- Many brands of acrylic still aren’t as durable as oil.
- Acrylic offers better UV light resistance for handling direct sunlight.
The bottom line for picking between oil and acrylic water-based paints is that for all exterior and interior wall work, we’d use high quality acrylics. For trim, doors, and certain heavily handled or humidity-exposed fixtures, oil-based paints are still a strong option.
Other House Paint Categories
Moving beyond the basic separation between oil-based and water-based house paint, we also have a few other subcategories of paint that we need to clarify. For acrylic paints, these include:
Interior paint is acrylic latex but comes in a broader range of finishes and with a formulation that’s designed to look smooth and dry when applied specifically to interior walls. Some newer types of interior acrylics are even available for trim, doors, and other surfaces we’d have painted with oil before.
Exterior paint is formulated differently than its interior cousins so that they can endure exposure to rain, sun, snow, and other outdoor elements much more robustly.
For oil-based paints, the main subcategories differentiate how glossy their finish is. The recent availability of new oil-based types called alkyds can produce faster-drying oil paints that are easier to work with.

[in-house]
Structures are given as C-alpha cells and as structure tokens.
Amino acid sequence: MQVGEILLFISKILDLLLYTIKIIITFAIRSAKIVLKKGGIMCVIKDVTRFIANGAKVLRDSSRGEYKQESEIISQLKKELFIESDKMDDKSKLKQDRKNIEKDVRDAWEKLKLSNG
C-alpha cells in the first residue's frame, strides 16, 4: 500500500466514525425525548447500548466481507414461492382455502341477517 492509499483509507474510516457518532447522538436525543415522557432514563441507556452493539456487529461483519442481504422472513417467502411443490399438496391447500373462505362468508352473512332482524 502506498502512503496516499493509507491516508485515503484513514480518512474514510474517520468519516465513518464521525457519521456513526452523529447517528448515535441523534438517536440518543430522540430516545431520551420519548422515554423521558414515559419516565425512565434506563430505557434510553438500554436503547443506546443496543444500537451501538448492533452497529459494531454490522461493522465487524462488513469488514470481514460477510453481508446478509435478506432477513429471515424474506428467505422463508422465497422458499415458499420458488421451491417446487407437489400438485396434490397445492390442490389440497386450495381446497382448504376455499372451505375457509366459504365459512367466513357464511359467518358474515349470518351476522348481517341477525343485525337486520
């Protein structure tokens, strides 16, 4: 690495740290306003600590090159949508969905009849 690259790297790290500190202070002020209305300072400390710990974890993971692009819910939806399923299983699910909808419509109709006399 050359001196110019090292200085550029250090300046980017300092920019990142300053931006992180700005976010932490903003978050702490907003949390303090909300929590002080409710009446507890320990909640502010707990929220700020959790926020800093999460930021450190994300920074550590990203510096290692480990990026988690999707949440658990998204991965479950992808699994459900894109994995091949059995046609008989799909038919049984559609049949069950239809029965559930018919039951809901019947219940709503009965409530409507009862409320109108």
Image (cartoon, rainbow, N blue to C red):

A Breakdown of Finish Types
All paints have a finish. This is what defines how much shine or gloss they have once they dry. Paint finishes range along a scale from no gloss to extremely high gloss. Here’s a breakdown:
Flat, Matte: At the no-gloss end of the scale, we have matte or flat paints. These offer no reflection or glossiness and are usually ideal for certain exterior walls, interior ceilings and some interior walls. They’re not ideal for settings like family room or children’s bedroom walls because grime shows up easily on them and surfaces painted with flat paints can be tricky to clean.
Eggshell: Eggshell finish is just a notch up from flat or matte in terms of glossiness. It finishes smoothly with a tiny bit of reflection and we’d use it for the walls of our main living spaces in the home.